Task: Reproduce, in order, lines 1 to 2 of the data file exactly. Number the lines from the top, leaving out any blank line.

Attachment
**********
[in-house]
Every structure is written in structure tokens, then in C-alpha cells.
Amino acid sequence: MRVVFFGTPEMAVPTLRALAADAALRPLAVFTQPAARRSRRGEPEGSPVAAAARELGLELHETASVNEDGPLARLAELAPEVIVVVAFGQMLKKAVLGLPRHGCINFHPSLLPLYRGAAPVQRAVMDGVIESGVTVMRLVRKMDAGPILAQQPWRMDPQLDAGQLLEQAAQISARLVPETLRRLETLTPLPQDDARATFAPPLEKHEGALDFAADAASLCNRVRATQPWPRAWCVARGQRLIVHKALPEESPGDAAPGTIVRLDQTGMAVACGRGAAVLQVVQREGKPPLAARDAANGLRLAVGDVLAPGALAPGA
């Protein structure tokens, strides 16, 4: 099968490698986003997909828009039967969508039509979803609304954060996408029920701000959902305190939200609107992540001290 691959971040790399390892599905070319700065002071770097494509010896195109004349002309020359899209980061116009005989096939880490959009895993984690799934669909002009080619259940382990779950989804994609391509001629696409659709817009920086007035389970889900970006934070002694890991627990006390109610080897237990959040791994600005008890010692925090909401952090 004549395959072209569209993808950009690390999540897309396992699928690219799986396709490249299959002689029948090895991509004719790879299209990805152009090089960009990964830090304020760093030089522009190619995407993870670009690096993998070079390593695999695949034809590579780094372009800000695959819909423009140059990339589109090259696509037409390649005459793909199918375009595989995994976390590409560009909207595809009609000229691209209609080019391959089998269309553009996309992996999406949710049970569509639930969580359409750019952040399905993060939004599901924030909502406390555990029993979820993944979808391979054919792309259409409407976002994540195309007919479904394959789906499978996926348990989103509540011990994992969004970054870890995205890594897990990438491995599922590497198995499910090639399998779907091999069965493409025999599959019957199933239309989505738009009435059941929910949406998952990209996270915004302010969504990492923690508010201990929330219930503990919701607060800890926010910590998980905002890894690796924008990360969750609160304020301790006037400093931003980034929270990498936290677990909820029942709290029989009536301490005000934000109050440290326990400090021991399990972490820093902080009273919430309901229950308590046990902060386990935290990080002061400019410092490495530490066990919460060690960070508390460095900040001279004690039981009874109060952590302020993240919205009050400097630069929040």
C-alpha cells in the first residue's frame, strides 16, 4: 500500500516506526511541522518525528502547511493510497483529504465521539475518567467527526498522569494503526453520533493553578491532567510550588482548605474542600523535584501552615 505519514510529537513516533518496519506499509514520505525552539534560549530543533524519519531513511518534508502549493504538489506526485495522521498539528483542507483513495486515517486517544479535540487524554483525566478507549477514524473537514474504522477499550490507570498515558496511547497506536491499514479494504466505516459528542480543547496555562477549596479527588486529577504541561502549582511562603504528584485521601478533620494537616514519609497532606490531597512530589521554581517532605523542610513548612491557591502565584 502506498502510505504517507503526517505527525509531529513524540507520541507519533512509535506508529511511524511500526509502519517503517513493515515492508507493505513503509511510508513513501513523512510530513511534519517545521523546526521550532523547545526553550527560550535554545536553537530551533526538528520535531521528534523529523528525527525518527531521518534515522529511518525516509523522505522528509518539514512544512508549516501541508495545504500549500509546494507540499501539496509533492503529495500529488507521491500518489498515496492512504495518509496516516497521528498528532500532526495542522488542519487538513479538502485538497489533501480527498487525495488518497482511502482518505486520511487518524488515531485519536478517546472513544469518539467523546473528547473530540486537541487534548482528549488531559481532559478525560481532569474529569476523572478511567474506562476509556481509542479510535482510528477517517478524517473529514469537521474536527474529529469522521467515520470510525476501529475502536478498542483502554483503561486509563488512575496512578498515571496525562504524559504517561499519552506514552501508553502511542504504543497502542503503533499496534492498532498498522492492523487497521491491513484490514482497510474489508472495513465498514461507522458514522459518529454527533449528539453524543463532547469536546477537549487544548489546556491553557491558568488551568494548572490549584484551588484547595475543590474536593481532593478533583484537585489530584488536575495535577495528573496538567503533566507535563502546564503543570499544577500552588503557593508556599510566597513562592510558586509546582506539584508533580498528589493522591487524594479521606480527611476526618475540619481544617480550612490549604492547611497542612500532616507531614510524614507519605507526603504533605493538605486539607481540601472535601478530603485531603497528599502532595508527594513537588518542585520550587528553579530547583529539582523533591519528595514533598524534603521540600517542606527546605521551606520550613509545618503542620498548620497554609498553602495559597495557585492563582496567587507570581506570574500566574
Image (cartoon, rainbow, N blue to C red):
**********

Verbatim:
[in-house]
Every structure is written in structure tokens, then in C-alpha cells.